What about the student failing a required GE course who complained to me about the professor of the course as the most boring teacher he has ever had.  “He’s the number-one sleep-maker at this university,” cried the student, “He’s so boring, the clock stops in his class.”  I agree, Brothers and Sisters, a truly dull and boring teacher is more than problematic.  He is a pestilence at a university.  A boring teacher can stifle a teachers’ desire for learning more than anything else, but, frankly, I don’t know any such teacher on this campus.  There may be one, but I don’t know one.  Let me tell you one of my favorite stories from the late S. Dillworth Young, late-member of the first council of seventy.  I heard him tell this about himself.  He said that as a general authority, he traveled every weekend and seldom got to attend his own ward.  On rare occasion, he found himself at home on a Sunday and went to church with his wife.  Here is his story as I remember it. 

He said, “As I settled down in the chapel at sacrament meeting, I was greatly annoyed that Old Brother Smith of the high counsel was the opening speaker.   I turned to my wife and said, ‘Just my luck, the one time I get to come to my own sacrament meeting and who’s the speaker?  The most boring speaker in the church.’  Well, my wife frowned at me and said that wasn’t a very nice thing for a general authority to say.  I sat there glumly looking up at Brother Smith, who had a sweet smile on his face.  I had heard him talk a dozen times before.  Finally, I said to myself, ‘Well, at least he as a nice smile.’”

Elder Young went on to say, “The longer I sat there, the more ashamed I became at my attitude; so ashamed that I determined that I’d try hard to make up for the talk by concentrating on other aspects of the sacrament meeting.  So when the opening hymn was sung, I sang with gusto all of the verses, concentrating on the text of the hymns.  I listened carefully to the opening prayer and made it my own.  During the sacrament hymn, I sang fervently and thoughtfully.  I listened with attention to the meaning and beauty of the sacrament prayers.    While the emblems were being passed, I concentrated hard on Jesus Christ and His Atonement.  I pondered on life and teachings.  By the time Old Brother Smith started speaking, I was thrilled at how wonderful the meeting had been so far.  Surprisingly, even Brother Smith’s opening words were interesting.  Then I became quite absorbed at what he was saying.  At midpoint of his sermon, I was even excited about his address; it was brilliant.  And when he concluded with a resounding testimony, I turned to my wife and said, ‘Well, honey, that’s one of the finest talks I’ve ever heard anywhere.’  To which my wife responded, ‘Sweetheart, Brother Smith does this every time he speaks and always has.’”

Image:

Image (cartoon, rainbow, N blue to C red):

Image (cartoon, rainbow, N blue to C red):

Then Elder Young turned to us, his audience, and asked, “And where was I when Brother Smith was giving those powerful, eloquent sermons?  I was in ‘Boredville,’ being bored, feeling sorry for myself.” 

Brothers and Sisters, as Elder Young’s story pointed out, boredom is usually a choice or a condition of the student or the listener.  Generally, boredom is a measure of our preparation or lack thereof.  The process of learning, studying, reading the assigned material, looking at the assigned visuals, discussing the subject with fellow students, and sincerely preparing is never boring, but it does require your heart and your soul. 

That’s the hard work part of my address.  Now for the watch and pray.  I am convinced that one of the greatest sources of knowledge and power in this world is consistent, humble, personal prayer.  The greatest thing missionaries teach investigators or parents teach their children is how to pray and how to get answers to prayers.  Of all the resources at your disposal, intimate, private prayer is the surest means for coping and for hoping.  One of the most important things to remember about true prayer is that it requires a humble willingness on my part and your part to put ourselves in the Lord’s hands.  This means that all prayers are answered but not always in the way we want.  Remember that a “No” answer is just as good—maybe better—as a “Yes” answer, if it’s the Lord’s answer.  You will know it’s the Lord’s answer if you humbly ask. 

I remember the sweet, humble sister on this campus who prayed that her boyfriend would ask her to marry him.  When he dumped her, she was devastated and wondered why the Lord let her down.  I told her that the Lord had answered her prayer: “You weren’t dumped; you were rescued.”  She hadn’t thought of that.  Today she is so thankful; she really was rescued from that guy. 

I’m thinking about the faithful young man, a return missionary, who desired, worked, and prayed to become a seminary teacher.  He wasn’t chosen.  Then he joined the army, aspiring to be an officer, but was washed out of officer candidate school.  There was a period of self-doubt and the inevitable asking “Why?”  Recently, he graduated with a medical degree and in hindsight, he recognizes all of those disappointments were the Lord’s real answers to his prayers nudging him in the direction he could serve best.  All those disappointments gave him experience, maturity, and humility. 

I played basketball on a full-ride scholarship at BYU–Provo my freshman and sophomore years, then went on mission.  I came back with high expectations of making the team again.  I worked on it, I prayed for it, and told the Lord all the reasons I should and wanted to make it.  Well, I was cut from the team, lost my scholarship, and had to work as a custodian to support myself.  Talk about pain and humiliation.  Now I see the Lord wanted me to be a student, not a competitive athlete.  Then my life took the direction the Lord wanted.